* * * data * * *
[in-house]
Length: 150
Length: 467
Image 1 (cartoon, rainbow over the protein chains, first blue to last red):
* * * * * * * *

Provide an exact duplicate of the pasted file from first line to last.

[in-house]
Length: 150
Length: 467
Image 1 (cartoon, rainbow over the protein chains, first blue to last red):